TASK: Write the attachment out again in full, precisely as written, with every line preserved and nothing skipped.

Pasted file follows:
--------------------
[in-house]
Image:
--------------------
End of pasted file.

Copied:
[in-house]
Image: